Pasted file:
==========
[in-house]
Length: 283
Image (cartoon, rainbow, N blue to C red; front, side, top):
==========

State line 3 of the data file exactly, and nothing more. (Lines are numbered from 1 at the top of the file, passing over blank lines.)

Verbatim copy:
Image (cartoon, rainbow, N blue to C red; front, side, top):